A nation is said to be food secure if people have access to safe and nutritious food at all times, and that what they eat is sufficient to provide them their daily needs in order to perform activities and tasks efficiently, be it in school, office, or life, in general. Assessing the status of food security of a country or community requires various data from various sectors of the society describing the physical, social, and economic factors that may impede or cause the problem.

Ang food security ay hindi lamang domain ng Department of Agriculture (DA), responsibility ito ng napakaraming government agencies,” Dr. Domingo E. Angeles, chair of the Interdisciplinary Studies Center on Food and Nutrition Security (ISCFNS), said during a seminar on “Creating Food Secure Communities through Extension and Public Service” organized by the UPLB Ugnayan ng Pahinungod, the volunteer service program of the University, on May 7, 2018 at the Rural Economic Development-Renewable Energy Center (REDREC) Auditorium, UPLB.

Angeles talked about the food security in the Philippines.


The event was attended by UPLB students, faculty members, and representatives from different government and private offices such as DA-Bureau of Agricultural Research (BAR), National Dairy Authority, Barangay Integrated Development Approach for Nutrition Improvement (BIDANI), UPLB Institute of Chemistry, World Vision, among other agencies involved in addressing food security issues in the country.

Angeles cited the four dimensions of food security namely availability, accessibility, utilization, and stability. Because of factors such as sluggish economic growth, poverty especially in Mindanao, prevalence of small and fragmented farms, low labor productivity, environmental degradation, malnutrition, and others, the country has not yet met these standards.

Parang walang nangyayari sa mga programa natin kasi instead na ma-improve, nawo-worsen,” Angeles said. He noted that for the past six years, the Philippines’ ranking in the Global Food Security Index has remained between 60 to 70 out of more than 100 countries.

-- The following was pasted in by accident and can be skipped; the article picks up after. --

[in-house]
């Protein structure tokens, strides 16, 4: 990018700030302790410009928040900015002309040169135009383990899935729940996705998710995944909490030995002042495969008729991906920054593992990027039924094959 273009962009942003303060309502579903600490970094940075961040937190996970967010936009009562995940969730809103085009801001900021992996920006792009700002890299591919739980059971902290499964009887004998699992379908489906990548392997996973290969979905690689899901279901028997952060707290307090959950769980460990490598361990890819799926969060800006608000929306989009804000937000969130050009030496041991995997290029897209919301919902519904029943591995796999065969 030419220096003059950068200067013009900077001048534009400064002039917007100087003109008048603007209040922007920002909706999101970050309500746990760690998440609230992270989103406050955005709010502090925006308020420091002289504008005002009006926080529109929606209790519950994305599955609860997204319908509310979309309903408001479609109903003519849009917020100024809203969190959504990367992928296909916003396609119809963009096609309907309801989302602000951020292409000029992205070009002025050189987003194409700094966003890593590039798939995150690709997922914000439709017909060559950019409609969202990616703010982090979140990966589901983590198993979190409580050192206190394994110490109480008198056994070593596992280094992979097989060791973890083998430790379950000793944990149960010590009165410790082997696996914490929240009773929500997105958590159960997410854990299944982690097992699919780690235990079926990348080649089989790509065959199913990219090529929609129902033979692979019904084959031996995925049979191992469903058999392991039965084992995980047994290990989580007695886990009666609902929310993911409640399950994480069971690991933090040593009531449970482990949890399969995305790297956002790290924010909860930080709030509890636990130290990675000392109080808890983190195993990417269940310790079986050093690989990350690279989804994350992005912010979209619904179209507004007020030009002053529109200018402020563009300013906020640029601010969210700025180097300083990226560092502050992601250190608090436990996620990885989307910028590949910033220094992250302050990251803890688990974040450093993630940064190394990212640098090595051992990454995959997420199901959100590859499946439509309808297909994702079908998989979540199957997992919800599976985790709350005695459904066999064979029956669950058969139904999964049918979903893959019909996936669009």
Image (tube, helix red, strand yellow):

Noting that food security is interdisciplinary and involves multi-agency participation, Angeles also said that the status of nutrition of the people is also an indicator of food security. “Habang ang malnutrition sa Pilipinas ay mataas, ibig sabihn ay hindi natin naaabot ang gusto nating food security ng bansa,” he said.

Furthermore, Angeles suggested that UPLB can help address the said issue by generating new knowledge and technologies, strengthening the curricula on food security, advocating policies, and serving as a center of excellence in food security assessment.

Meanwhile, National Nutrition Council (NNC) Nutrition Officer Katherine C. Villanueva discussed the NNC’s programs and projects that are aligned to address the United Nations’ Sustainable Development Goal (SDG) specifically on ending all forms of hunger and malnutrition by 2030. “There is no hunger when there is food security,” she said.

Villanueva talked about NNC’s programs and projects to address hunger and malnutrition in the country.


Villanueva shared NNC’s Philippine Plan for Action for Nutrition (PPAN) for 2017-2012, anchored on the Philippine Development Plan (PDP) “AmBisyon Natin 2040”, to respond to the country’s malnutrition. The NNC is implementing nutrition-specific interventions that aim to reduce undernutrition, obesity, and diet-related noncommunicable diseases (NCDs).

Villanueva also discussed NNC’s interventions specifically concerned with early childhood care and development (ECCD) such as The First 1000 Days, which addresses and gives importance to the pre-conception stage until the child reaches around two years of age. “Very critical ang period na ito kasi dito ang kailangan ng optimum nutrition,” she said emphasizing that children who do not receive proper feeding and care at this stage could suffer from irreversible effects on their physical and mental development.

Villanueva also recommended ways to help meet the goals of NNC for finding solutions to issues on food security such as supporting BIDANI to achieve institutionalization at municipal and village levels, promoting nutrition-specific programs of PPAN, establishing partnership with local agriculture office to promote food gardens, preventing food wastage, and buying locally grown food.

Pahinungod Director, Glenn S. Lubuguin, said earlier in his opening remarks that “food security is a special topic and we are recognizing UPLB’s expertise in agriculture, food, and nutrition”. Thus, UPLB Ugnayan ng Pahinungod took the initiative to deliver this kind of awareness to a broader audience this time. Lubuguin expressed his hopes that UPLB could help these agencies aim for a more food secure country, or at least, the immediate communities each belong to.

(Credits to UPLB Ugnayan ng Pahinungod for the photos and featured image above)

Leave a Reply

Your email address will not be published. Required fields are marked *